Not everyone caught up in hype
Not everyone shared the view that the Oprah-Byron Bay connection was a once-in-a-lifetime worldwide marketing opportunity.
For Byron Council’s deputy mayor Cr Patrick Morrisey, the hype highlighted the ‘desperate need’ for the council to be allowed to raise a tourism surcharge to provide and maintain basic community infrastructure.
Cr Morrisey said that while the media went ‘weak at the knees’ of the idea of Oprah coming to town and focus on the benefits to tourism operators, it was a great time to again ask Tourism Australia and Tourism NSW to lobby the NSW Government to allow small councils with large visitor numbers the ability to generate a tourism surcharge. He said a small rates base of about 14,425 rateable assessments must provide and maintain infrastructure used by residents and more than 1.2 million visitors a year.
“And this is before any possible further promotion by the Australian and NSW governments and Ms Winfrey to the world,” he said.
Cr Morrisey said the NSW Government had ‘steadfastly’ refused to allow councils to raise a tourism surcharge, and the NSW Opposition remained opposed, despite support in Parliament by Ballina MP Don Page.
He said it was unfair and unreasonable for Tourism Australia and Tourism NSW to promote Byron Bay as a tourist destination, yet ignore the fundamental basis on which tourism was based, a place where people could have a nice holiday with access to clean beaches, parks and open spaces, footpaths, streets and safe roads.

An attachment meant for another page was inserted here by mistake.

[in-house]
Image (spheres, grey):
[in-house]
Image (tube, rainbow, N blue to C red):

The best thing Oprah Winfrey could do for the town was to highlight the Byron Council needed a fairer share of the benefit of visitors, not just the cost of hosting what at present was an unsuitable financial model.
On the other side of the coin, Northern Rivers Tourism CEO Russell Mills said the publicity provided a ‘fantastic awareness boost’ for the whole region.
Mr Mills said Byron Bay was the drawcard for the region for overseas visitors, so the publicity would only reinforce the ‘brand’ internationally.
He said Northern Rivers Tourism had been strongly marketing the region over the last year under the banner of ‘Byron Bay and Beyond’, with Byron Bay used as the ‘calling card’.
The US market was the region’s third largest market with more than 17,000 visitors a year, and the region attracted 38 per cent of all international tourists to regional NSW, he said.
Mr Mills said competition for international travellers could only get more intense with the strong Australian dollar affecting some travellers. He said exposure through Oprah could only increase the visibility of the region to a broader range of potential tourists. “The whole promotion was great for Australia and any of the group visiting the Northern Rivers region can only translate to huge publicity for our tourism industry,” he said.